If you take vitamin D supplements, the minimum recommended dosage is 10 to 20 micrograms or 400 to 800 IU; however, there has been much disagreement among the international medical community on how much vitamin D people should be supplementing daily. Organizations such as the Endocrine Society recommend that the average adult takes between 1,500 and 2,000 IU each day, while the United Kingdom says 400 IU is sufficient. This is why it’s critical to speak with your general physician beforehand to verify the proper dosage for your unique needs and health history.
How to Know If You Need More Vitamin D: Symptoms of Vitamin D Deficiency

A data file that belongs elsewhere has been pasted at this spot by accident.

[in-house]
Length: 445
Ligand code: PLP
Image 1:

Certain people are more susceptible to vitamin D deficiencies than others. Health professionals have identified elderly, dark-skinned, and obese individuals as the highest-risk groups for vitamin D deficiency for various reasons. Older adults may lack the mobility to go outside; dark-skinned people have high melanin content that prevents their skin from synthesizing vitamin D efficiently; and obese individuals may not be getting the nutrition or exercise needed for their bodies to make vitamin D. Additional risk factors include Crohn’s and celiac disease, liver or kidney failure, medications, or severe malabsorption of the nutrient.
Vitamin D deficiency symptoms are fairly common and can be mistaken for other conditions. Those who have the condition may experience:
- Brain fog
- Hair loss
- Weight gain
- Temperature sensitivity
- Pain in the bones and muscles
- Recurring infections or frequent illness